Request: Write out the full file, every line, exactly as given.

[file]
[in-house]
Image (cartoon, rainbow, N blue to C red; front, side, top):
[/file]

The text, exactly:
[in-house]
Image (cartoon, rainbow, N blue to C red; front, side, top):